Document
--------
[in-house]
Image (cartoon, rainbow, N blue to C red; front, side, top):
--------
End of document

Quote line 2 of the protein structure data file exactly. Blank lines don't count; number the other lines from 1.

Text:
Image (cartoon, rainbow, N blue to C red; front, side, top):